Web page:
Competing Voices from Revolutionary Cuba: Fighting Words

Overview

Using a huge array of sources from the political, religious, social, artistic and personal spheres, the story of Cuba, so often linked with the neighbouring US, is set in its historical context and rigorously examined. Issues examined include: the Revolution and upheaval that followed; the Cuban missile crisis; Cuba's position in COMECON; the rise of Cuba's profile in the 1980s; the crisis that followed the dismantling of the USSR; Cuba in the C21st and its future. What has been the price of the Cuban ...

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Overview

Using a huge array of sources from the political, religious, social, artistic and personal spheres, the story of Cuba, so often linked with the neighbouring US, is set in its historical context and rigorously examined. Issues examined include: the Revolution and upheaval that followed; the Cuban missile crisis; Cuba's position in COMECON; the rise of Cuba's profile in the 1980s; the crisis that followed the dismantling of the USSR; Cuba in the C21st and its future. What has been the price of the Cuban revolutionary process? And what faces Cuba in the new millennium?

Using a huge array of sources from the political, religious, social, artistic and personal spheres, the story of Cuba, so often linked with the neighbouring US, is set in its historical context and rigorously examined. Issues examined include: the Revolution and upheaval that followed; the Cuban missile crisis; Cuba's position in COMECON; the rise of Cuba's profile in the 1980s; the crisis that followed the dismantling of the USSR; Cuba in the C21st and its future. What has been the price of the Cuban revolutionary process? And what faces Cuba in the new millennium?

For the last 50 years the story of Cuba has often drawn the eyes of the world - for its part in the missile crisis, or its rise within COMECON, or its controversial relations with other countries. Cuba is seldon out of the news but is always fascinating. Using a wide variety of sources from the political, religious, social, artistic and personal spheres, the story of Cuba is set in its historical context and rigorously examined. Voices from both sides of the Revolution are heard forcing the reader to think again about preconceived ideas for or against recent events. This book examines the reshaping of Cuba following the Revolution, the Bay of Pigs invasion, Cuba's role in the Cold War, the Mariel boatlift, the economic rise and fall given by Cuba's membership of COMECON, the changeability of the ongoing relationship between Cuba and the US; how Cuba coped with the fall of USSR; the Special Period of the 1990s and future that Cuba faces in the new millennium. A wide variety of sources are used including papers from prominent Cubans on both sides of the Revolutionary debate; public figures from Malcolm X to Yuri Gagarin to Pope John Paul II; letters and speeches from politicians ranging from Fidel Castro and Che Guevara to Nikita Khruschev and Gerald Ford; public and private materials from private individuals, governments, the CIA and a wide variety of organisations associated with Cuba. The final chapter draws together all the information and views given to analyse Cuba's recent history, its present situation and its possible future. Issues addressed include Cuba's survival in a post-communistic landscape, human rights issues, the role of Cuban exile groups, the relationship between the US and Cuba and the price paid and benefits derived from the ongoing revolutionary process.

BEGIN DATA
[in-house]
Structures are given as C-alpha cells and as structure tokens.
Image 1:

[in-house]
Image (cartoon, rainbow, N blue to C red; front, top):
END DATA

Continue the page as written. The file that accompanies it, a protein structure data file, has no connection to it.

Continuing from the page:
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Product Details

  • ISBN-13: 9781846450235
  • Publisher: Greenwood Publishing Group, Incorporated